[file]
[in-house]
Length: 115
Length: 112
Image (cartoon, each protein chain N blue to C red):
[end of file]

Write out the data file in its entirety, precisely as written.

[in-house]
Length: 115
Length: 112
Image (cartoon, each protein chain N blue to C red):